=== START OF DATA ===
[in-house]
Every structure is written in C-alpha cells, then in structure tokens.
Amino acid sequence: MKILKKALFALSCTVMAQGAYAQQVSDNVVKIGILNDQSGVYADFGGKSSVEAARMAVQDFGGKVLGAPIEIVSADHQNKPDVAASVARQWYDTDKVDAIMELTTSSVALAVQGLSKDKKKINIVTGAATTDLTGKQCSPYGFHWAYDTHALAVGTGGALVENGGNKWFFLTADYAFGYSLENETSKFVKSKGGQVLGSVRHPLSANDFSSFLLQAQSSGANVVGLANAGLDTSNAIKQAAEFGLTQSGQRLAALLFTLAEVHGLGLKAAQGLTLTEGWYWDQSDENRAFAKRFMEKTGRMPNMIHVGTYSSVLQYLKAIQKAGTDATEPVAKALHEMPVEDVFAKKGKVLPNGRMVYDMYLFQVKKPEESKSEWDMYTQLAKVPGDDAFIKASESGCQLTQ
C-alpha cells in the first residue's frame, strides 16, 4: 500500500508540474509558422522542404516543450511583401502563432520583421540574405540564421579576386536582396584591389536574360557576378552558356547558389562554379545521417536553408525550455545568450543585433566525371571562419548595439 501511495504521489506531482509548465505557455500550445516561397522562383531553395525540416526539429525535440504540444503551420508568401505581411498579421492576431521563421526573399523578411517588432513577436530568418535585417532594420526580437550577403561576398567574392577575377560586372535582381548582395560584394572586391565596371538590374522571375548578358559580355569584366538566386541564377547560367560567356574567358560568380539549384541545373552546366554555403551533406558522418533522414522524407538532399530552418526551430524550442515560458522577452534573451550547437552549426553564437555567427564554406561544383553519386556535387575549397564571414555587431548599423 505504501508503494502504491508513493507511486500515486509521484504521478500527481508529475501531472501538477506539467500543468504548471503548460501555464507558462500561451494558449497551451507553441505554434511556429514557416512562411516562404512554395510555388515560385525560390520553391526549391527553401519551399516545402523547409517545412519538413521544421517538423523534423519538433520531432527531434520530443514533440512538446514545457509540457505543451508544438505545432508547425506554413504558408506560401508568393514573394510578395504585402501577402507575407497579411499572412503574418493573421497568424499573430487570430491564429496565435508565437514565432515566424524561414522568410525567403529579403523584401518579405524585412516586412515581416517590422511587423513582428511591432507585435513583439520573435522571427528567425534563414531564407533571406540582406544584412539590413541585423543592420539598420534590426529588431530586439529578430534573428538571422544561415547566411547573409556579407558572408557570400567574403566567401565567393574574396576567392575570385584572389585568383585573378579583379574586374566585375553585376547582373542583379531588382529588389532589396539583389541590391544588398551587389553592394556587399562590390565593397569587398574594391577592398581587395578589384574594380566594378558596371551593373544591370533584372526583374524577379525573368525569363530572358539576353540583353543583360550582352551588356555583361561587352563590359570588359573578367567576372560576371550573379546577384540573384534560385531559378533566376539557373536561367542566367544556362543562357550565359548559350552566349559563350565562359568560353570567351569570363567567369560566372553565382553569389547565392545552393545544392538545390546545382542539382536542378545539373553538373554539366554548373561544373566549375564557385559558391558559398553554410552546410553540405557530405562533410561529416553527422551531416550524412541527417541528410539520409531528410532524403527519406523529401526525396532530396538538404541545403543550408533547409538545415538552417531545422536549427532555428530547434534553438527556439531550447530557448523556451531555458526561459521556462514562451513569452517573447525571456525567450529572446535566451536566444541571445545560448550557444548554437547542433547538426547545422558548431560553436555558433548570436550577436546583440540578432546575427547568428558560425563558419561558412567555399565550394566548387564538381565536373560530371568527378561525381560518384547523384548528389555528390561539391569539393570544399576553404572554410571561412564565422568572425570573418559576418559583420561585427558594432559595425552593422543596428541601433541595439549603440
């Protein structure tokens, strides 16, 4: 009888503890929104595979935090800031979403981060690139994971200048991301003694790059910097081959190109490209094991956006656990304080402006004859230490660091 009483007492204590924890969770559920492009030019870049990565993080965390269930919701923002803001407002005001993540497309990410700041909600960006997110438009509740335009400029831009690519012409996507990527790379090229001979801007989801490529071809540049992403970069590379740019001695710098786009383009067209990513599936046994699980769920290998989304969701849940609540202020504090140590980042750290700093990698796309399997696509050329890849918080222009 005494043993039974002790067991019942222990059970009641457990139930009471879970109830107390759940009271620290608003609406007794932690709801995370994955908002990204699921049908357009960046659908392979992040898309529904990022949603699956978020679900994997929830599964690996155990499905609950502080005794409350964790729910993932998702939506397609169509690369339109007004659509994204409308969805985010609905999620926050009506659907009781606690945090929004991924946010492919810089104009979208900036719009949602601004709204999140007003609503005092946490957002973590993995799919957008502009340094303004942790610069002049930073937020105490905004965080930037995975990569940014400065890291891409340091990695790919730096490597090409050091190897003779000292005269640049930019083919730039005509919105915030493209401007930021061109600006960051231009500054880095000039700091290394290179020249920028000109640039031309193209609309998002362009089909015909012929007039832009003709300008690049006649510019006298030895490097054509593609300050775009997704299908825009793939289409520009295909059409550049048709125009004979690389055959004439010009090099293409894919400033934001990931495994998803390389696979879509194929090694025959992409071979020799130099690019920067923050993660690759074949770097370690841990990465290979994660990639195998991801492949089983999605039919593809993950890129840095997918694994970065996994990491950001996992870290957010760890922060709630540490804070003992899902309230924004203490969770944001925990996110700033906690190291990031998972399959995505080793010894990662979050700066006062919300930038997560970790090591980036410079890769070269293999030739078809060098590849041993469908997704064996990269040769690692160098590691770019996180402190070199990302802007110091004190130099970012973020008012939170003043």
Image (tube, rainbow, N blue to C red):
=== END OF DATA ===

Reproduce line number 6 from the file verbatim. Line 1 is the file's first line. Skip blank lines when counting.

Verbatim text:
Image (tube, rainbow, N blue to C red):